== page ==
Sunday, 5 June 2016
A Northern Powerhouse needs collaboration, vision and planning more than it needs cash.
During a brief visit to London, we called in to the New London Architecture exhibition at The Building Centre - it's just round the corner from the British Museum and well worth an hour of your time not least for the splendid model of central London at the heart of the exhibition. The NLA uses this magnificent visual to present a vision of the new London emerging through investment, initiative and development and is accompanied by a series of short films featuring NLA's urbane chairman, Peter Murray, talking through the challenges - homes, transport, place-making, environment - and setting out what's already happening and how built environment professionals including architects, masterplanners, designers, engineers and builders can deliver a better city.
What comes across in these films is the scale of engagement between public and private sectors - the projects highlighted on the grand model or featured on the wall around the space are mostly private sector projects. For sure there are the great transport schemes sponsored by London's government and supported by national governments but we also see investment in public realm, privately or in partnership with boroughs, by the great estates - Cadogan, Bedford, Grosvenor and the Crown - that enhance the City's character and variety.
Above all there is both a sense of vision - one shared by mayor, boroughs, transport chiefs and developers - and an intense granularity to that vision. We're so familiar with vision being just that - grand sweeping words accompanied with carefully touched up pictures. But this London vision comes with hundreds of individual projects, with emerging plans across the 32 boroughs (all pictured on the walls around the huge model), with examples of individual masterplans for smaller places and with specific project plans ranging from hospitals and university facilities through housing schemes to pocket parks or street markets.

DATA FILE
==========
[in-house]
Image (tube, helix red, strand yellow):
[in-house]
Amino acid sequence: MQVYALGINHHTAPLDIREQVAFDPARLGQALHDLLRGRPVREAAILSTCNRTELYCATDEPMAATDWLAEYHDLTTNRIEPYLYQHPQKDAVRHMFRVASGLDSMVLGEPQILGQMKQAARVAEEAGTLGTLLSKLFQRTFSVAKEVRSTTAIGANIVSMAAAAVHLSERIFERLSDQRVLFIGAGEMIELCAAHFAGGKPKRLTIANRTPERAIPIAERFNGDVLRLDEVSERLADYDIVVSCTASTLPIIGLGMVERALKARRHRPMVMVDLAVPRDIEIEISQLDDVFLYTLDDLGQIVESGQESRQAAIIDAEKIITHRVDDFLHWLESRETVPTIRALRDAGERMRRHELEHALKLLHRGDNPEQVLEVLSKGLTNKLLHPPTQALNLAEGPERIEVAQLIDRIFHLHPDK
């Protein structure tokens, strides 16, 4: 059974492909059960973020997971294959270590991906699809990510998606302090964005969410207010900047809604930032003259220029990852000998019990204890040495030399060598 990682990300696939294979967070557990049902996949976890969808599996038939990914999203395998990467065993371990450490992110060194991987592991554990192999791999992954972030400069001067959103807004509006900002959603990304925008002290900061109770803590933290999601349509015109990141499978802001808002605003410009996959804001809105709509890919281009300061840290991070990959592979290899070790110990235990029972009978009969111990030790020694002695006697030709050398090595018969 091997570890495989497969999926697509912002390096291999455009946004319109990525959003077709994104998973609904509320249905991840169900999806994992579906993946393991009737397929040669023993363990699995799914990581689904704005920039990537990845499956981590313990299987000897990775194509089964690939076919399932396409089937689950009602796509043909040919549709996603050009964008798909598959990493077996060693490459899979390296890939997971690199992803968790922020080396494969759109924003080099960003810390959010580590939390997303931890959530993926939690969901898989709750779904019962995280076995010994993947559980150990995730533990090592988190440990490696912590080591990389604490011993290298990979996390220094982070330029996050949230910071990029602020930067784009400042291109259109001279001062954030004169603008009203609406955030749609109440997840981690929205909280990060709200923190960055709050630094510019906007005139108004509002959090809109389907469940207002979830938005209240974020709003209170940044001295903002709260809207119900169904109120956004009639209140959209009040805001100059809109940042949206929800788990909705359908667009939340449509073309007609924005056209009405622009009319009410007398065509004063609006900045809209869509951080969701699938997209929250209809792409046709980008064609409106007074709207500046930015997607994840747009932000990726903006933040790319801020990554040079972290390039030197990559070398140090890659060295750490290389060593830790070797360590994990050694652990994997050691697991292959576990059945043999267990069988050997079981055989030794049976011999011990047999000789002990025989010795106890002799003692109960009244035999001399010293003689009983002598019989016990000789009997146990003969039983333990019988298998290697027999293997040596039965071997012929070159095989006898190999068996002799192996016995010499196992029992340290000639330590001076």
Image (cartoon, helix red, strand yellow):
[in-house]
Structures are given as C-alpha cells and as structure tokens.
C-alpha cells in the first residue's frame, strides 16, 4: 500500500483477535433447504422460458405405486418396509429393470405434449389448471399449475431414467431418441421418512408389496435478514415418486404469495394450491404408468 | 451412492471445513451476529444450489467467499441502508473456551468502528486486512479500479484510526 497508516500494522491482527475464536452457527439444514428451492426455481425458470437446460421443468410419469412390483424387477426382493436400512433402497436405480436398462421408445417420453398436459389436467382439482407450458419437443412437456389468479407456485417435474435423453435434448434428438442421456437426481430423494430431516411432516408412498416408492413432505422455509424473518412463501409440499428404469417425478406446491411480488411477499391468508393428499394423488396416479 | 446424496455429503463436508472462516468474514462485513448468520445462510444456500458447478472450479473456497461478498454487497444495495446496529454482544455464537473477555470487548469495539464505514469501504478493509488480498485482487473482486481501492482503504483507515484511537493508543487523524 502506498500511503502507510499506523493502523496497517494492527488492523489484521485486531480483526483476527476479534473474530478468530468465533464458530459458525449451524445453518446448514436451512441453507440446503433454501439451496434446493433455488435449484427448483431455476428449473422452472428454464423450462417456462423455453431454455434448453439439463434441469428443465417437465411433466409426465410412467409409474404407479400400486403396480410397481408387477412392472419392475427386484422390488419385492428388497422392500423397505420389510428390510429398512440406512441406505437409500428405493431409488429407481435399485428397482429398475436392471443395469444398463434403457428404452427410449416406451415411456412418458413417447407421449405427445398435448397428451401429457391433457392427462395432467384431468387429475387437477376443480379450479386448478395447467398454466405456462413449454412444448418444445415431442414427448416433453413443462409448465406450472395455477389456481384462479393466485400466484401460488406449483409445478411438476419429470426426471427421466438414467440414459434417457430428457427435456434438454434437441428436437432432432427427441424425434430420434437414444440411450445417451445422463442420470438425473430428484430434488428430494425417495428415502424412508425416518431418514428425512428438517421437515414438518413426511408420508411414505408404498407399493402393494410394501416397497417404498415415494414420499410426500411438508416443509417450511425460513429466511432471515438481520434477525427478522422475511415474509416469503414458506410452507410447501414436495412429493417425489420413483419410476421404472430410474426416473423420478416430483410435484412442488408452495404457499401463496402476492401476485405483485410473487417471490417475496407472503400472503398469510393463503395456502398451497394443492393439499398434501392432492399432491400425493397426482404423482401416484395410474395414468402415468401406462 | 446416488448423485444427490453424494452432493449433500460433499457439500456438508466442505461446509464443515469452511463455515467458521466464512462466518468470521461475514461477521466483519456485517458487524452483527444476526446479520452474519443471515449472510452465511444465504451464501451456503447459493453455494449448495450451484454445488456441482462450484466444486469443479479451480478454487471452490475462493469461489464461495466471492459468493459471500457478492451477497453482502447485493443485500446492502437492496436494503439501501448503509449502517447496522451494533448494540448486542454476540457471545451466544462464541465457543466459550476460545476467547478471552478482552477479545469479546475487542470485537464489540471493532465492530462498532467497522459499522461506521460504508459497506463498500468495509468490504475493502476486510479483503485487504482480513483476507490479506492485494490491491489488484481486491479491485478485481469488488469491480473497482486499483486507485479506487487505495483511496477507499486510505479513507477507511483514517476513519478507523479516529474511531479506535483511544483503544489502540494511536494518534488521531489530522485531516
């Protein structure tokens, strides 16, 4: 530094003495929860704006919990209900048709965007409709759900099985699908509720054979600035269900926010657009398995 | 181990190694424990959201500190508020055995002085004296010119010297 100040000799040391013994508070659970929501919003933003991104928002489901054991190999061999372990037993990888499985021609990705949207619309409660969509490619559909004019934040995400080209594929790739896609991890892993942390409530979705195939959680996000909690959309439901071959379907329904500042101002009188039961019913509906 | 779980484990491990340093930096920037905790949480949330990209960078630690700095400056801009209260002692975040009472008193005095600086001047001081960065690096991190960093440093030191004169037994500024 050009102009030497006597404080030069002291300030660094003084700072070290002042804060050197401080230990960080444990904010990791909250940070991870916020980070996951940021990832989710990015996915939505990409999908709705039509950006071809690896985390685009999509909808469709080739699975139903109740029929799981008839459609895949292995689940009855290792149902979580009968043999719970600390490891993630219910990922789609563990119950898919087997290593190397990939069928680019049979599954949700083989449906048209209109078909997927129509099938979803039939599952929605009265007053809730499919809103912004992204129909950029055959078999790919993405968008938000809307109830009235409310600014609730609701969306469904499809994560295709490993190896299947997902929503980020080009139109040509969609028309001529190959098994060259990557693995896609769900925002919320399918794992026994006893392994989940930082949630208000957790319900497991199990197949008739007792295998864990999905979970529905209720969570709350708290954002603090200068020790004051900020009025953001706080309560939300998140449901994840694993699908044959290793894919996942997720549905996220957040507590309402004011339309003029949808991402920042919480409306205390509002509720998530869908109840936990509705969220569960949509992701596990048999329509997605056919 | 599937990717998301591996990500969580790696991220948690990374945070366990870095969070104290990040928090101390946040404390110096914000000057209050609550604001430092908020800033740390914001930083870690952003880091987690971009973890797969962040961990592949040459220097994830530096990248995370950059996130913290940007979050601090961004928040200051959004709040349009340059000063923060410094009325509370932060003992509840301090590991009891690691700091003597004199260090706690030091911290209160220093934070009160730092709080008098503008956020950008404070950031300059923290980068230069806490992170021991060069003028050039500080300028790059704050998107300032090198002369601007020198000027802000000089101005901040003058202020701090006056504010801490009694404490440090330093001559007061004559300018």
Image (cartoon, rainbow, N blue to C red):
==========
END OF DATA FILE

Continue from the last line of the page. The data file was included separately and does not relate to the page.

While enjoying the scale, scope and ambition of this NLA exhibition, a profound depression fell on me. We ask about the North-South divide and tend to couch our understanding of this gap in historical terms as being about what was not what will be. Yet this model and exhibition, tucked away in a corner of central London, gives the lie to this convenient belief. The North-South divide - or rather the contrast between the dynamism of London and the sluggishness of Northern cities - isn't about some past event but is about the here and now, about what London is doing today. Worse still, what an hour with the NLA model told me, the divide is fast becoming a unbridgeable chasm - what London is planning far outstrips anywhere else in the UK.
London is sprinting away from the North. Not, as too many want to believe, because the city has been favoured by successive government or because the current occupants of Downing Street are stripping the North of 'resources'. The NLA films, the projects described, the masterplans - none of these even mentioned central government funding or support. Yet, as we saw recently in the IPPR North and Centre for Cities reports on the Northern Powerhouse, the starting point for the debate about growth in the North is to argue for more central government resources. But why, other than sympathy, should government simply hand over cash to one or other Northern city? Having Andy Burnham shout about a mythical "One Billion Pound Black Hole" is great campaigning - plays to the sense of abandonment felt in some places 'up north' but it's just the politics of the begging bowl, of holding out the flat cap while intoning the old mantra, "got a bit of spare change mate?"